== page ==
Indonesia’s move to open the doors wider to foreign investment could help spark growth in Southeast Asia’s largest economy. But with significant restrictions remaining in place for a range of sectors, the effect may be more of a pop rather than a “big bang,” analysts say.
Announcing the changes Thursday as part of the Jokowi administration’s 10th economic stimulus package, Economic Minister Darmin Nasution said the package would boost both domestic and foreign direct investment (FDI), while protecting small and medium-sized enterprises (SMEs).
Under the policy, 35 industrial sectors including cold storage, film processing labs, sports centers, toll road operators, tourism and warehousing will be removed from the “negative investment list,” although 20 new sectors were added.
“It means that 100 percent foreign ownership is allowed in the 35 sectors that have fully opened up to FDI,” Darmin said at the State Palace in Jakarta.
E-commerce investments with a market value above 100 billion Indonesian rupiahs ($7.4 million) were also removed from restrictions, a measure that should be welcomed by the nation’s growing technology sector.
In addition, plantation firms with more than 25 hectares [62 acres] of land integrated with a processing plant will be allowed foreign ownership of up to 95 percent, while seven types of businesses, including leasing companies, will be permitted 85 percent overseas equity, according to the Jakarta Post.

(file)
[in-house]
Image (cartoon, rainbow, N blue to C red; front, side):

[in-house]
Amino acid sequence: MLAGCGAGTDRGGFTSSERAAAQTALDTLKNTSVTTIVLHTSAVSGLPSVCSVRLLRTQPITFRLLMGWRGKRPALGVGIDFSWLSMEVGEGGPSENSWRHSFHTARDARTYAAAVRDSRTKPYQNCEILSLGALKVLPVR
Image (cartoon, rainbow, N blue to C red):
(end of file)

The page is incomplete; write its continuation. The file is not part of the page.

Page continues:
“We are opening up and rationalizing our investment regime,” Trade Minister Tom Lembong told Bloomberg News. “It’s a big push. We had fallen behind from where we should be.”
According to Lembong, increased foreign investment and higher government spending on infrastructure will help offset sluggish exports, boosting economic growth to as fast as 5.2 percent this year.
Indonesia posted gross domestic product (GDP) growth of 4.79 percent in 2015, its slowest rate of expansion since 2009, although the economy posted a 5.04 percent gain in the last three months of the year, helped by a 7 percent quarterly rise in FDI. For 2015, FDI increased 19 percent to reach around 366 trillion rupiah ($27 billion), with the main island of Java receiving nearly half.
The reforms were welcomed by financial markets, with the benchmark Jakarta Composite Index rising by nearly 1 percent compared to declines across the region, while the rupiah strengthened against the dollar.
“It’s definitely a step-up compared to the policy packages you saw before — these were relatively small-scale,” Nomura analyst Euben Paracuelles told the Financial Times.
“From the signaling standpoint I think this could cement what has been changing slowly from protectionist sentiment to a little more market friendly [sentiment].”
The financial daily said the Indonesian trade minister had led a “marked pivot in economic policy” since his appointment in August, including moves to join the Trans-Pacific Partnership (TPP).
However, despite claims of the largest opening up to foreign investors in 10 years, a range of restrictions remain in place.
Various businesses are still allowed only up to 67 percent foreign ownership, including golf course developers, health care, private museums and consulting and construction businesses with contract values above 10 billion rupiah, while seven sectors are permitted a maximum 51 percent overseas ownership, including natural tourism management.